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Am J Surg. 2004 Dec;188(6):813-20.

Trends in utilization and outcomes of laparoscopic versus open appendectomy.

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  • 1Department of Surgery, University of California, Irvine Medical Center, 101 City Drive, Orange, CA 92868, USA. ninhn@uci.edu

Abstract

BACKGROUND:

Although a number of trials have analyzed the outcomes of laparoscopic versus open appendectomy, the clinical advantages, and cost-effectiveness of laparoscopic appendectomy in the management of acute and perforated appendicitis are still not clearly defined. The aim of this study was to examine utilization and outcomes of laparoscopic versus open appendectomy using a national administrative database of academic medical centers and teaching hospitals.

METHODS:

Using ICD-9 diagnosis and procedure codes, we obtained data from the University HealthSystem Consortium Clinical Data Base for all patients who underwent appendectomy for acute and perforated appendicitis between 1999 and 2003 (n = 60,236). Trends in utilization of laparoscopic appendectomy were examined over the 5-year period. The outcomes of laparoscopic and open appendectomy were compared including length of hospital stay, 30-day readmission, complications, observed and expected (risk-adjusted) in-hospital mortality, and costs.

RESULTS:

Overall, 41,085 patients underwent open appendectomy and 19,151 patients underwent laparoscopic appendectomy. The percentage of appendectomy performed by laparoscopy increased from 20% in 1999 to 43% in 2003 (P <0.01). Compared with patients who underwent open appendectomy, patients who underwent laparoscopic appendectomy were more likely female, more likely white, had a lower severity of illness, and were less likely to have perforated appendicitis. Laparoscopic appendectomy was associated with a shorter length of hospital stay (2.5 days vs 3.4 days), lower rate of 30-day readmission (1.0% vs 1.3%), and lower rate of overall complications (6.1% vs 9.6%). There was no significant difference in the observed to expected mortality ratio between laparoscopic and open appendectomy (0.5 vs 0.6, respectively). The mean cost per case was similar between the two groups (US$ 6,242 vs US$ 6,260).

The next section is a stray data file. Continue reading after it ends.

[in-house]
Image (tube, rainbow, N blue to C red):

CONCLUSIONS:

Utilization of laparoscopic appendectomy at academic centers has increased more than two-fold between 1999 and 2003. Patients selected for laparoscopic appendectomy have less advanced appendicitis and have a shorter length of stay and fewer complications without increasing the inpatient care cost.

[PubMed - indexed for MEDLINE]
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